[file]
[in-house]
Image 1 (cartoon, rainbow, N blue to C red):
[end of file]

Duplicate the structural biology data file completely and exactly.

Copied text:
[in-house]
Image 1 (cartoon, rainbow, N blue to C red):